Written by A Better Balance’s team of women’s rights and civil rights lawyers, The Working Woman’s Pocket Guide offers a step-by-step guide to the employment rights and protections New York women have at work and when they may need time away from work. With sections on pay equity, harassment, discrimination, paid family leave, healthcare coverage, and more, the guide is an A-Z resource for working women.
On the heels of the release of A Better Balance’s new report “Long Overdue,” U.S. Reps. Jerrold Nadler (D-N.Y.), John Katko (R-N.Y.), Jaime Herrera Beutler (R-W.A.), Lucy McBath (D-G.A.), and Bobby Scott (D-VA) today introduced the Pregnant Workers Fairness Act (PWFA).
In time for Mother’s Day, A Better Balance released a new report, “Long Overdue,” detailing the numerous ways pregnant workers are still routinely jeopardizing their health—and economic security—when denied medically necessary reasonable accommodations.
The New York City Museum Will Adopt Written Policies on Caregiver Discrimination, Pregnancy Accommodations & Other Workplace Rights Based on A Better Balance’s Model Policies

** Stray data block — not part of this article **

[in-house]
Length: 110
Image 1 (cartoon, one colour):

ABB Calls on Walmart to Confirm Reports About Pregnancy-Related Absences and Other Details NEW YORK – Just months after A Better Balance (ABB) filed a class action lawsuit alleging that Walmart’s absence policy…
It’s unacceptable that, under the law, many pregnant workers in 2018 aren’t able to get the immediate relief they need to stay healthy and on the job. Every pregnant worker in America deserves a clear right to accommodation.
We applaud the passage today of Michigan’s earned paid sick time law giving nearly 2 million hard-working Michiganders the right to take time off to care for themselves and their families. But the fight is not over.
A Better Balance filed a lawsuit today on behalf of a food service worker in upper Manhattan who—in a case of blatant and overt discrimination— was fired for being pregnant.
A Better Balance filed a class-action lawsuit today, challenging Walmart’s “no-fault” absence control policy as systemically violating the rights of women who need leave for pregnancy-related illnesses or medical care. The lawsuit is being brought on behalf of two former Walmart employees and is the first class action brought under New York's Pregnant Worker Fairness Act.